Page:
This is the beginning of a series of closer looks at the handicaps at the Festival, and I will start with the Grand Annual. There are obvious reasons why this is the right place to start:
- There are only 58 entries, the lowest of any handicap;
- Only 20 horses can run this year, which makes bookies offering 4 places each way (as the majority do at this stage) acceptable;
- No race at Cheltenham has a clearer profile for winners, so it’s easy to come up with a plausible shortlist.
That third point is worth making clearer, because many people incorrectly (in my view) simply look for ‘trends’ to guide their choice in handicaps. These ‘trends’ are often simply statistical quirks from a relatively small sample size; the crucial thing is to use them to see if the profile of winners the trends offer makes sense given the type of race.
The Grand Annual is a ferociously run race, usually run on genuinely good ground: it is a test of heart, courage and speed where the smallest margins can make all the difference. So, given that, the profile that the trends provide does make perfect sense:
- 7/8/9 years old and fewer than 12 chase career starts – i.e. still with enthusiasm for the battle;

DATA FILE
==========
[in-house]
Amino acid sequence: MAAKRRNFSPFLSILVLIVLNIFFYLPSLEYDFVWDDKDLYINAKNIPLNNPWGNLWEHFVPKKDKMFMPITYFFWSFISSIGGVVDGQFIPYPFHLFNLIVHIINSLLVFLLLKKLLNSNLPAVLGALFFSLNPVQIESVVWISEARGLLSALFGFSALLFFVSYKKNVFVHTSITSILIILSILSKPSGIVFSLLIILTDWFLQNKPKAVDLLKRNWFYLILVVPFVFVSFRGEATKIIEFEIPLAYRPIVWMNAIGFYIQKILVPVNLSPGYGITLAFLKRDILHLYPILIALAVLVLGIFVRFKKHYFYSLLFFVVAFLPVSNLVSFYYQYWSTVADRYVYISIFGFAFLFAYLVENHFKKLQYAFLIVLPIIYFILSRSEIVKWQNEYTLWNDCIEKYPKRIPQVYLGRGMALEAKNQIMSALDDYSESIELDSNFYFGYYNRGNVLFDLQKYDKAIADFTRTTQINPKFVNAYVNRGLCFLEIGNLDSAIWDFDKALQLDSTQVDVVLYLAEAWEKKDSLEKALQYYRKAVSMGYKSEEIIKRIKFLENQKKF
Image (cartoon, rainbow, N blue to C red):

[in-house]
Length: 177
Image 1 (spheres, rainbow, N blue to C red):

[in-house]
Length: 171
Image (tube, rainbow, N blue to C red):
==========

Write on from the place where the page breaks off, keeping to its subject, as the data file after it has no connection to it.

- Hasn’t won a handicap or graded chase this season, so the handicap mark is intact – i.e. every pound counts;
- If not a novice, competed in a previous festival chase, ideally with distinction, and ideally in this race itself – i.e. unexposed, or proven to be up to the task.
Applying these criteria, plus limiting ourselves to horses with an official rating of between 139 and 152, leaves a very short list of horses to examine more closely. Of these, most have really questionable claims. De Plotting Shed and Tycoon Prince are lurking on suspiciously attractive marks…but they may just be on those marks because their form is on a permanent downward trend. Bun Doran is in terrific form this season, and absolutely loves Cheltenham, but his handicap win in November put him up 10lbs and his mark is likely bust as a result, although he seems likely to run with distinction.
Last year’s winner LE PREZIEN leaps off the page, because he will run this year off only 1lb higher than his 2018 winning mark. That proves he enjoys the race, and returners have an outstanding record. His trainer Paul Nicholls is in stunning form, so there are no worries on that front, and he is available at a scarcely believable 20/1 NRNB with Skybet. This would be his 14th run, failing one of our ‘trends’, but that is only one higher than the historic rate, so that’s not something to get hung up about.
The actual negative – and the probably reason for that generous price – is that he put in the worst run of his career last time out at Sandown. That is a concern, because he will need to be foot-perfect in March to make an impact. But he was poor in his prep run in 2018, only finishing a distant 8th out of 10, and so at the price, I’m willing to overlook the Sandown run as a bad day at the office, especially given how weak the opposition looks this year.
Recommended Bet (22/2/19):
Le Prezien – 1 pt e/w @ 20/1 (NRNB, Skybet)